Skills or Competencies—Which Are Your Priority?

By Robert A. Rudzki, SCMR Contributing Blogger
August 13, 2010 - SCMR Editorial

Today’s guest blogger is my colleague, James Baehr, who in addition to his broad experience with Strategic Sourcing, heads up the IT Strategic Sourcing practice at Greybeard Advisors LLC. Jim has had management roles in IT sales, IT operations, and IT procurement at major firms, before joining Greybeard. Jim can be reached at: .(JavaScript must be enabled to view this email address)


For a Supply Chain group to be successful it needs to be staffed with skilled professionals.  However, what skills are needed?  How are skills defined?  Do a web search and you will find numerous definitions and long lists of what are considered skills. There is no consistency.  Skills can range from “basic” - the ability to type in orders or do simple math to “advanced” - being able look at production planning and make associated forecasts. 

Almost a decade ago Larry C. Guinipero and Dawn H. Pearcy prepared a paper titled World-Class Purchasing Skills: An Empirical Study.  In their work they collected information from numerous sources to identify the skills of a “world class Purchasing professional”.  The paper calls to attention just how much research had been done to that point in time without reaching a consensus on the exact skills needed. The discussion is even more complex when differentiating between tactical and strategic skills (which, unfortunately is important only if your Procurement organization has committed to being truly strategic).

Individuals come to their assignments with skills but if they don’t convert their skills into competencies, they won’t be successful.  Competencies are acquired through training, practice and experience.  Competencies are the difference maker.  Why?  Because, competencies represent understanding which, in turn, converts to predictable and measurable performance.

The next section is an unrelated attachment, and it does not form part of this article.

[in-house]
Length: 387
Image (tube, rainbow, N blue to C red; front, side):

Being tactical or conventional implies reacting to conditions and requires basic skills.  A competent Procurement professional anticipates and understands the needs of a Stakeholder and uses his or her experience to strategically address these needs.  Successful organizations understand the difference.

 



About the Author

image
Robert A. Rudzki
SCMR Contributing Blogger
Robert A. Rudzki is a former Fortune 500 Senior Vice President & Chief Procurement Officer, who is now President of Greybeard Advisors LLC, a leading provider of advisory services for procurement transformation, strategic sourcing, and supply chain management. Bob is also the author of several leading business books including the supply management best-seller "Straight to the Bottom Line®", its highly-endorsed sequel "Next Level Supply Management Excellence," and the leadership book "Beat the Odds: Avoid Corporate Death & Build a Resilient Enterprise." You can reach him through his firm's website: http://www.GreybeardAdvisors.com

Subscribe to Logistics Management magazine

Subscribe today. It's FREE!
Get timely insider information that you can use to better manage your
entire logistics operation.
Start your FREE subscription today!

Recent Entries

83% of surveyed manufacturers either already have IoT implementations in place or plans to deploy within a year.

While the Port of Oakland agrees that Saturday gate operations might ease congestion, they have a few "concerns" of their own

The four international marine container terminals at the Port of Oakland have announced they are developing a program to operate their terminal gates on Saturdays to reduce weekday congestion at the port.

Private fleet managers are facing a remarkable set of challenges in today's demanding business environment. The "from any place at any time" omni-channel fulfillment mindset is just one significant development that companies have had to adapt to in their quest to keep customers and business partners happy.

This is the first guaranteed weekly service direct to the U.S. from Singapore as part of the company’s initiative to enhance its LCL offerings serving Trans-pacific needs.

About the Author

Patrick Burnson, Executive Editor
Patrick Burnson is executive editor for Logistics Management and Supply Chain Management Review. Patrick covers international trade, global logistics, and supply chain management. He lives and works in San Francisco, providing readers with a Pacific Rim perspective on industry trends and forecasts. Contact Patrick Burnson

Comments

Post a comment
Commenting is not available in this channel entry.